Specifies what path information is stored for files when you use -g and the distributed graphical debugger.



Places instructions for each function in a separate object file, control section, or csect.


-shared Bshareable

Linkage editor (ld command) option only. Used to generate a dynamic libary file.



Generates debugging information used by a debugger such as the Distributed Debugger.



Produces ANSI prototypes from K&R function definitions.



Instructs the compiler to stop after the compilation phase when it encounters errors of specified severity or greater.



Enables debug versions of memory management functions.



Instructs the compiler to perform high-order transformations on loops and array language during optimization, and to pad array dimensions and data objects to avoid cache misses.



Speeds up calculations by removing range checking on single-precision float results and on conversions from floating-point to integer.



Specifies that single-precision expressions are rounded only when the results are stored into float memory locations.



Specifies an additional search path if the filename in the #include directive is not specified using its absolute path name.



Specifies the search order for files included with the #include file_name directive.



Allows the compiler to perform optimizations that assume errno is not modified by system calls.



Instructs the compiler to ignore certain pragma statements.



Produces informational messages.



Initializes automatic storage to a specified two-digit hexadecimal byte value.



Generates fast external linkage by inlining the pointer glue code necessary to make a call to an external function or a call through a function pointer.



Attempts to inline functions instead of generating calls to a function.



Turns on or customizes a class of optimizations known as interprocedural analysis (IPA).



Specifies functions in the source file that have no side effects.



(C++) Instructs the compiler to keep or discard definitions for unreferenced extern inline functions.



Controls whether a specified string is treated as a keyword or an identifier.



Searches the specified directory for library files specified by the -l option.



Searches a specified library for linking.


-ansi flang-isoc9x

Selects the C or C++ language level for compilation.


Refer to the "Large Page Support," section.

Instructs the compiler to exploit large page heaps available on Power4 systems running AIX v5.1D or later.

-qldbl128, -qlongdouble


Increases the size of long double type from 64 bits to 128 bits.



Assumes that all functions with the name of an ANSI C library function are in fact the system functions.



Generates abbreviated line number and source filename information for the debugger.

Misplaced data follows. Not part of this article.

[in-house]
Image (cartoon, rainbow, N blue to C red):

Produces a compiler listing that includes an object listing.



Produces a compiler listing that displays all options in effect.



Makes unsuffixed literals the long type for 64-bit mode.


-mlong64 (Refer to the m options for your targeted platform.)

Allows long long types in your program.



Creates an output file that contains targets suitable for inclusion in a description file for the AIX make command.


Refer to alloc.

(C only) Substitutes inline code for calls to function alloca as if #pragma alloca directives are in the source code.



(C only) Converts Pascal string literals into null-terminated strings where the first byte contains the length of the string.



Specifies whether the floating-point multiply-add instructions are to be generated.



Creates an output file that contains targets suitable for inclusion in a description file for the AIX make command.



Instructs the compiler to halt compilation when a specified number of errors of specified or greater severity is reached.



Limits the amount of memory used for local tables of specific, memory-intensive optimizations.

-qmbcs dbcs


Use the -qmbcs option if your program contains multibyte characters.


-shared or libtool[15]

Creates a shared object from generated object files.



Selects the name-mangling scheme for external symbol names generated from C++ source code.

-O -qoptimize


Optimizes code at a choice of levels during compilation.



Specifies a name or directory for the output executable file(s) created either by the compiler or the linkage editor.



(C++) Sets the type of object model.



(C++) Specifies how classes containing const or reference members are passed in function arguments.



Preprocesses the C or C++ source files named in the compiler invocation and creates an output preprocessed source file for each input source file.



Sets up the object files produced by the compiler for profiling.



(C only) Ignores the word pascal in type specifiers and function declarations.



Constructs alternate program and path names.

-qpdf1 -qpdf2


Tunes optimizations through Profile-Directed Feedback.



Sets up the object files for profiling, but provides more information than is provided by the -p option.



Reports the time taken in each compilation phase.



Suppresses listings.



(C++) Specifies the priority level for the initialization of static constructors.

-qproclocal -qprocimported -qprocunknown


Marks functions as local, imported, or unknown.